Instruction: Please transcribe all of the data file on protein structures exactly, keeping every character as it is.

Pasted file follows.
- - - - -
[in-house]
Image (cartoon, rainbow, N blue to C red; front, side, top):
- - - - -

[in-house]
Image (cartoon, rainbow, N blue to C red; front, side, top):